On the other hand, in recent years the established jurisprudence has seen the term ‘taxable activities’ defined strictly, which has been detrimental to taxpayers. Thus first occupation is believed to occur solely by means of selling, letting or leasing real estate or as a result of concluding a contract of similar nature.

The first judgment to run counter to the abovementioned jurisprudence was the verdict passed by the Supreme Administrative Court on 14 May 2015 (case file I FSK 382/14). The judgment raised the issue of the VAT Act provisions being non-compliant with Article 135, Paragraph 1j of Council Directive 2006/112/EC of 28 November 2006 on the common system of value added tax. Pursuant to the regulation, Member States exempt the supply of a building or parts thereof, and of the land on which it stands, other than the supply referred to in Article 12, Paragraph 1a. In light of the judgment, using a part of the building for the purposes of business activities constitutes first occupation, in the meaning of “preoccupancy, utilization,” and any other interpretation of Article 2, Paragraph 14 results in artificially distinguishing the situation when having erected a building, an entity leases its part and uses its section for the purposes of its own business activities. This is due to the fact that both of the abovementioned cases entail using a building.

Determining the proper definition of first occupation is important in the context of Article 43, Paragraph 1, Subparagraph 10 of the VAT Act, according to which the supply of buildings, civil engineering works or their parts is exempt from the tax provided that the supply is fulfilled within the framework of the first occupation or prior to the first occupation. Considering the above, with reference to case file I FSK 1573/14, the Supreme Administrative Court requested the Court of Justice of the European Union to give a preliminary ruling on whether the term ‘first occupation’ is compliant with the VAT Directive, and on limiting the eligibility for VAT exemption in the case of the upgrade of an existing building, when the costs incurred for that purpose amount to less than 30% of the initial value of that building.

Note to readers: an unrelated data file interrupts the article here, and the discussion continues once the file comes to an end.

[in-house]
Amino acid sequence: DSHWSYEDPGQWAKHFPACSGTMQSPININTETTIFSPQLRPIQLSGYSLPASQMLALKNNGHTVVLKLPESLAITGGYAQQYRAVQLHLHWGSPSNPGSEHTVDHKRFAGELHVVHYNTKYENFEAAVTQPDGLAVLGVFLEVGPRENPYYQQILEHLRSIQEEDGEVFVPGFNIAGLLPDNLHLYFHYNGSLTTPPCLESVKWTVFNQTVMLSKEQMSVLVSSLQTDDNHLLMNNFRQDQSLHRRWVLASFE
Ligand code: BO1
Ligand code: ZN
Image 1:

In the judgment dated 16 November 2017 in case C‑308/16, the Court of Justice of the European Union ruled that national law shouldn’t make the VAT exemption on the supply of buildings subject to the condition that the first occupation thereof arises in the context of a taxable transaction. However, the Court also decided that such a national law may make that exemption subject to the condition, in the case of the ‘upgrade’ of an existing building, that the costs incurred have not exceeded 30% of the initial value thereof, provided that that concept of ‘upgrade’ is interpreted in the same way as that of ‘conversion’ in Article 12, Paragraph 2 of the VAT Directive.